|A member not in good standing may not vote in a general meeting||Silent||Good standing is not defined|
|Silent||Rules and procedures for the expulsion of members||Set out in act|
|Silent||Rules about when the first annual general meeting must take place||Set out in act|
|Quorum for a general meeting is three members of 10% of all members, whichever is greater||Quorum for a general meeting is three members, or more if determined at a general meeting||Quorum is three members, unless bylaws provide for a higher threshold|
|Any member may be appointed to be the chair. Rules about who becomes the chair if none is appointed are similar to the old restrictions||Restrictions on who may chair a meeting, with the president or vice-president being the default|
|A notice of a general meeting must state the nature of any special business in sufficient detail to permit a member to form a reasoned judgement concerning that business||Silent||Set out in act|
|If a meeting is adjourned for more than 10 days, notice of the adjourned meeting must be given; If a meeting is adjourned for more than 30 days. notice of the adjourned meeting must be given||If a meeting is adjourned for more than 10 days, notice of the adjourned meeting must be given||Set out in act|
|Voting must be by a show of hands, an oral vote, or another method that adequately discloses the intention of the voting members; the chair or two voting members may request voting by secret ballot||Voting is by a show of hands||Set out in act|
|The non-profit must have no fewer than 3 and no more than 11 directors||There must be five or more directors or the number of directors may be determined at a general meeting||Minimum is three; no maximum|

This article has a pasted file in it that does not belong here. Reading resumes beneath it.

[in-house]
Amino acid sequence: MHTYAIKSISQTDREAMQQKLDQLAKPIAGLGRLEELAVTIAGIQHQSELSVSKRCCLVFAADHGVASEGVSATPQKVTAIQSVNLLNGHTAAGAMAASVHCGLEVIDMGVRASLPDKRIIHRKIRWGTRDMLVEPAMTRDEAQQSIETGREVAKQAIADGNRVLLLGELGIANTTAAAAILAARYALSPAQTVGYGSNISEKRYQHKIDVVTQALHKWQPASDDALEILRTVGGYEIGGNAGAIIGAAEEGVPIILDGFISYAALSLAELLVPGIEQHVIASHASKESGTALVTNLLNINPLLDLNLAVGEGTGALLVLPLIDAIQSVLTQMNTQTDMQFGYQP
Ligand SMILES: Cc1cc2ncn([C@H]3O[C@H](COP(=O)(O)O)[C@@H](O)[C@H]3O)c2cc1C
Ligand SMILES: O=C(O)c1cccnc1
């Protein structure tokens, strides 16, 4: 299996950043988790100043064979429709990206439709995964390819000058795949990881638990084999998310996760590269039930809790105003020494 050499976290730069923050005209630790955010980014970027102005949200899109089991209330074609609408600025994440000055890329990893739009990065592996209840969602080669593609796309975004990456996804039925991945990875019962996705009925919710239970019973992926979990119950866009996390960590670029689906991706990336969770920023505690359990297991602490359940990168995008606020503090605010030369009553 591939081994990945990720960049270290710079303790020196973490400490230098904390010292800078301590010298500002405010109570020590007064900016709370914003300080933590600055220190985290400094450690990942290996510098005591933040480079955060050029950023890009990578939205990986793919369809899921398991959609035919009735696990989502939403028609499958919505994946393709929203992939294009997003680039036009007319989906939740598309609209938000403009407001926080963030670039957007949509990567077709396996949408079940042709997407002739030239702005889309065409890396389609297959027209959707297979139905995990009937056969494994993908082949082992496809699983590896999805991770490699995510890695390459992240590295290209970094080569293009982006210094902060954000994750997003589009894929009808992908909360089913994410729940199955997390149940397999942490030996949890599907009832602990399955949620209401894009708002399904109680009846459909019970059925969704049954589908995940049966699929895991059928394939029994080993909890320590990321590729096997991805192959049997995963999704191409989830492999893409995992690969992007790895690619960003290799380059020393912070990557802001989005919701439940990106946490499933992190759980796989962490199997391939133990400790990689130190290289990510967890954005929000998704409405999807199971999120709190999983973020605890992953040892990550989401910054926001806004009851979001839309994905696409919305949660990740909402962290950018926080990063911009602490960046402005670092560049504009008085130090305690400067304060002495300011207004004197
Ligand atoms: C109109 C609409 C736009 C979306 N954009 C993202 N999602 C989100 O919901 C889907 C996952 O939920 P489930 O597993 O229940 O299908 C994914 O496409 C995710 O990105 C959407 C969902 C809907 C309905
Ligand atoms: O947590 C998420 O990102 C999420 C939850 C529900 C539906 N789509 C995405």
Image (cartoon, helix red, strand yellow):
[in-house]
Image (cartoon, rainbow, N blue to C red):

|Silent||If a director ceases to hold office, directors must appoint a member to take their place||Set out in act|
|If a secretary is absent from a meeting, another individual must be appointed to act as secretary in that meeting; the treasurer can make arrangements for other people to conduct their duties (e.g. a bookkeeper)||Rules concerning duties of officers are largely the same, but some difference noted to the left||Duties set out in act|
|Any director, other than the president, can hold more than one officer role||Rules restricting a single individual from filling multiple officer roles||As set out in act|
|Silent||Debentures cannot be issued without authorization of special resolution||No longer required by the act|
|Silent||Members may, by special resolution, restrict borrowing powers of directors until the next annual general meeting||Act no longer sets limits|
|Contracts signed by the non-profit must be signed by the president and one other director; If the president is unable to provide a signature, contracts must be signed by the vice-president and another director; If both the president and vice-president are unable to provide a signature, contracts must be signed by any two other directors or by one or more individuals authorized by the board to sign contracts on behalf of the non-profit||Example||Not required in act|
|Silent||Rules concerning auditors under the act||act sets out rules|
As you can see, the Schedule B Bylaws are more detailed than the Model Bylaws. Furthermore, the Model Bylaws contain certain things not required by the Societies Act. Thus, non-profits planning to use the Model Bylaws should read them carefully first and customize them to fit the non-profit's needs, rather than simply adopting them.
Can the non-profit create its own custom bylaws?
Yes, as long as the non-profit’s bylaws cover the minimum requirements (see “What needs to be in the non-profit’s bylaws?”) and are not in conflict with the Societies Act.
Hybrid (Modified Model Bylaws)
Can the non-profit adopt a modified version of the Model Bylaws?
Yes, the non-profit can alter the Model Bylaws to meet its needs, as long as the modifications are not in conflict with the Societies Act. Some modifications to the Model Bylaws a non-profit might want to consider include:
- Allowing for members’ meetings to be held electronically
- Restricting access to s. 20 (2) records (board minutes and accounting records)
Some modifications a non-profit might want to consider for Schedule B bylaws:
- Allowing for emailing the notice of a members’ meeting (AGM/SGM)
- Removing the debentures limitation
- Clarifying how officers are appointed
Removing seal provisions (non-profits do not need to have a seal under the Societies Act)
|© Copyright 2016-2021, Pacific Legal Education and Outreach Society.|